‘You know what, I might have OCD’, I think to myself as I descend from my attic room for the third time in an hour. It’s 1am. I know that all of the doors are locked – I’ve done this twice – but I just need to check once more, just in case. I’m also worried that I haven’t locked my car, but I can’t go out to make sure because if I do I might get stuck at the front door for ten more minutes. Before going back upstairs, I stand by the hobs for a while to ensure none of them are leaking gas. I’m so tired my eyes are stinging, but I know I can’t go to bed until I put my phone on charge and then stare at the alarms page until I’m satisfied it’s definitely been set. I head back upstairs, hopefully for the last time. You’d be forgiven for thinking my room had been burgled – it’s that messy. That’s normal. Usually, when I gaze upon my shambolic living space the question of whether or not I have OCD is swiftly dismissed. I tell myself not to be ridiculous; people with OCD have tidy bedrooms, right? Besides, there are some people who really suffer with it. ‘Don’t be disrespectful.’
Tonight is different. Tonight I research OCD and find out not only that I most likely do suffer with the disorder to whatever degree, but also that I had no idea what it actually entails. OCD involves both obsessions – unwanted and unpleasant thoughts that repeatedly enter a person’s mind, causing distress, and compulsions – repetitive behaviours or mental acts that are carried out to temporarily relieve the distress brought on by the obsession. When asked about OCD, the most prominent image that will pop into most people’s heads –mine included – is the person obsessively washing their hands, cleaning, or arranging and rearranging things around them. These are the most well-known symptoms of the condition and although obsessions and compulsions of this nature are common in OCD, they are far from the only characteristics of the condition. OCD can manifest in many different ways, including but not limited to: compulsive checking, fear of contamination leading to excessive cleaning, counting, ordering and arranging, asking for reassurance from others, hoarding, and intrusive thoughts which may be of a violent or sexual nature and often disgust the sufferer.
After my discovery, barely a day goes by where I don’t discover some aspect of my life which that is affected by obsessive/compulsive behaviour. I was honestly amazed by how many things, – big and small – that I found, because I think I had learnt to accommodate myself to some of these obsessions to such an extent that I no longer viewed them as an issue. Of course I get intensely stressed when I can’t brush my hair or moisturise my hands when I need to, but doesn’t everyone? Even with this new found acceptance, I almost didn’t write this article. I still feel guilty, as though I’m faking and making things worse for the ‘real OCD sufferers’; I have to constantly remind myself that the fact that some people suffer with OCD to a greater extent than I, doesn’t invalidate my own experience.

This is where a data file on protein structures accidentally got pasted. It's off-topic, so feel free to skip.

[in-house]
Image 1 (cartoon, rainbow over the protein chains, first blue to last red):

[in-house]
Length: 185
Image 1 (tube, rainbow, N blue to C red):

OCD is a complex, multifaceted disorder which affects people’s lives in a wide variety of ways. To me, it seems a huge shame that most of the media representation of OCD is centred on the reductive stereotype of the ‘hilarious neat freak’. Think of Emma’s constant and *eccentric* tidying in Glee, or the nastiness with which Sheldon Cooper’s neatness is treated in the Big Bang Theory. Once you start looking, it’s everywhere.
It’s not that I don’t get it – obsessive/compulsive tidiness is by far the most media friendly aspect of the disorder. I’m just sure people would be less willing to joke about being ‘so OCD’ if they had to actually watch their favourite characters washing their hands until they bleed, or if they talked about their fear that they will kill one of their loved ones, but unfortunately that’s the reality of the disorder for many people. Like most other mental illnesses and disorders, OCD is woefully misunderstood by a large proportion of the population and the careless manner with which it is represented in the media not only makes this misunderstanding worse, it could mean that people with OCD go without treatment and, ultimately, an understanding of the condition that affects them.
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